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Jeffco parents, wary of middle school options, ask for more help for students with autism

BROOMFIELD — Beth Roberts is worried. She’s worried that when her son, Benjamin, moves on to middle school in the fall, no one will be there to help him manage his education — and his autism.

For three years, Benjamin has thrived at Betty Adams Elementary School. Roberts credits the highly trained staff at the school, which has special resources for students with autism. Now, Roberts is faced with sending Ben to a middle school where she isn’t certain whether the staff will be prepared to meet his needs.

“Our hearts ache because it’s so hard for these guys to manage socially,” Roberts said. “Middle school is challenging for anybody.”

That’s why Roberts, along with a dozen other Betty Adams parents, is asking the Jeffco Public Schools to expand their autism services — which include dedicated classrooms — to its middle schools that serve seventh and eighth graders.

District officials, who met with Roberts and the other parents this week, say they understand their concerns. But they believe the district’s middle schools are well-prepared to meet those students’ needs.

Further, they stress that the autism center at Betty Adams — and at 20 other locations across the district — are designed to prepare students for middle school and beyond, so that students need as little help as possible and can succeed in a general education classroom.

The parents’ request for more middle school services highlights an ongoing debate about what types of help students with special needs should receive, and when and how they should be rolled back.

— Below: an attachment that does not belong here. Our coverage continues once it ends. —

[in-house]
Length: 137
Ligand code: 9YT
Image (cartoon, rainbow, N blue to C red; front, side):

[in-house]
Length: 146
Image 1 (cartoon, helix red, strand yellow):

Schools under federal law are tasked with providing all students with an education in the most unrestricted environment. That means schools are expected to move more students into general education classrooms.

“They moved these students into Betty Adams, now they’re saying ‘good luck,’ in middle school,” Roberts said. “For a kid with anxiety, he’d sure like to know where he’s going to school next year.”

District officials disagree that the transition to middle school will be a sink-or-swim moment for the sixth graders at Betty Adams. While it’s true that the middle schools don’t operate so-called autism centers or labs, each middle school is staffed with special education teachers, psychologists and speech pathologists to meet the needs of students like Benjamin.

“It would be a grand assumption to say those services stop at middle school,” said Kevin Carroll, Jeffco’s chief student success officer, who met with Roberts and other parents last week.

Jeffco officials argue that if the elementary school centers do their job well — and no parent seems to be disputing this — the demand for explicit services for students with autism should no longer be needed once they hit middle school.

But Roberts fears removing a safety net of the kind provided at Betty Adams coupled with the new pressures of middle school — lockers, a more complicated schedule, hormones — will set Benjamin and other students back.

Approximately one in 68 U.S. children live with autism, according to the U.S. Centers for Disease Control and Prevention. The large number is in part due to a broad definition of symptoms. The condition is more common in boys than girls.

Students who are enrolled at one of the district’s elementary schools with an autism center typically begin with intense help that include small classrooms where social skills are taught alongside math and reading, and regular monitoring by school psychologists and a speech pathologist. As students develop skills to communicate, socialize and self-regulate behavior, they gradually spend more time in mainstream classrooms.